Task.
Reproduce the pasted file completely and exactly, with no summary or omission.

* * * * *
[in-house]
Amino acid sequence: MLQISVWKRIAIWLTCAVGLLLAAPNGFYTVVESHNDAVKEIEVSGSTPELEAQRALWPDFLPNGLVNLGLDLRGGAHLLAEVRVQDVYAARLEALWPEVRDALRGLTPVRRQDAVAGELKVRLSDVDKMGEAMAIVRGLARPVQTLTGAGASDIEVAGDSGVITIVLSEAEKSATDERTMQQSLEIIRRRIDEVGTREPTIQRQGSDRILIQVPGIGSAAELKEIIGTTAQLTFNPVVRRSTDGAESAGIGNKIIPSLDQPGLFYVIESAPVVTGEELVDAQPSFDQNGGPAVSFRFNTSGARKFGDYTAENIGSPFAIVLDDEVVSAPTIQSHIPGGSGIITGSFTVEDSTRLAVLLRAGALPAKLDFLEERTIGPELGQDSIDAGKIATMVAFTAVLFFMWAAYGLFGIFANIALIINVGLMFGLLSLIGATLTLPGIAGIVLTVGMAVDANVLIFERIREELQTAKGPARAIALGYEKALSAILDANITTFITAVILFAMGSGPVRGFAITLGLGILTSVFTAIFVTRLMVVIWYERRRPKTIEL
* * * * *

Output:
[in-house]
Amino acid sequence: MLQISVWKRIAIWLTCAVGLLLAAPNGFYTVVESHNDAVKEIEVSGSTPELEAQRALWPDFLPNGLVNLGLDLRGGAHLLAEVRVQDVYAARLEALWPEVRDALRGLTPVRRQDAVAGELKVRLSDVDKMGEAMAIVRGLARPVQTLTGAGASDIEVAGDSGVITIVLSEAEKSATDERTMQQSLEIIRRRIDEVGTREPTIQRQGSDRILIQVPGIGSAAELKEIIGTTAQLTFNPVVRRSTDGAESAGIGNKIIPSLDQPGLFYVIESAPVVTGEELVDAQPSFDQNGGPAVSFRFNTSGARKFGDYTAENIGSPFAIVLDDEVVSAPTIQSHIPGGSGIITGSFTVEDSTRLAVLLRAGALPAKLDFLEERTIGPELGQDSIDAGKIATMVAFTAVLFFMWAAYGLFGIFANIALIINVGLMFGLLSLIGATLTLPGIAGIVLTVGMAVDANVLIFERIREELQTAKGPARAIALGYEKALSAILDANITTFITAVILFAMGSGPVRGFAITLGLGILTSVFTAIFVTRLMVVIWYERRRPKTIEL